Book Review: “Tiling Step by Step” by Better Home and Garden

Tiling seems to imply lots of work. I often thought it’s not something I am able to do myself. In fact, I have hired contractors to do the tiles for my kitchen, bathrooms, and even front porch in the past. Through this book, I’ve learned quite a few things to make me feel confident enough to be dangerous.

I discovered the intricacy of tiling like selecting the types of tiles (slate/stone, porcelain, ceramic) for different purposes. And the various degrees of water absorption for each type of tiles was a surprise to me. After reading the book and walking through the tiles isles at the neighborhood Home Depot, I came to appreciate the arts of tiling – its beauty and crafts.

The backboard serves to support the tiles and requires stiffness so the the tiles won’t flex and result in cracks. The author emphasizes this point throughout the book. I believe the success of the tiling depends so heavily on preparing the surface in terms of its smoothness, flatness, and levelness, it’s almost 80% of success if done right. I have seen cracks on tiles and grout; they could be attributed to the poor prep work. Also, installing felt roofing paper or membrane to prevent water from seeping through is also noted as a critical step.

Setting the focal point (could be middle of the room) and tiling from the focal point is something I didn’t expect. I always thought you would tile from the corner or sides and work from there, like hardwood floor. The art of creating symmetry of the tiles all depends on where the focal point is and where the reference lines are drawn. This makes tiling a bit of challenge as you may end up tiling yourself to a corner or many corners.

Maintenance tips for sealing the grout and tile is helpful to prolong the life of the grout and tile. It never occurred to me that tiles would need maintenance. But it makes sense.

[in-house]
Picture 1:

The tips on repairing/preparing concrete surface for tiles are very helpful. One must fill in the cracks and patch uneven surface to ensure proper support for the tiles.

The tip about removing all the objects (toilets, vanity sinks, and etc.) for ease of tiling seems very reasonable to me as well.

The reminder to allow thermal expansion of the tiles and caulking (not grouting) the edge where the tiles interface a different material is very critical to ensure long term reliability of the tiles. Often time, we forget that the tiles react to temperature cycles and end up shortening the life of the tiles.

The various grout materials (plain, sanded, epoxy, colored, mortar, and premixed) for different purpose serves as a good reminder that picking the right grout materials to join the tiles are very critical to the success of the project.

The book went into so many different projects (stairs, chair, bathroom, and etc.) that it almost make you think tiles can go on any surface of the home. Perhaps in the old days, there weren’t that many other alternative than tiling. These days, I wouldn’t want to tile over the kitchen counter, and tiling over stairs riser seems to be an overkill to me. On the other hand, the book gives me enough details to be successful in doing a small project. But for big projects, I would still hand it over to the professional.

I have a few ideas on where to try on my newly acquired tiling know-how. Only if my wife would let me …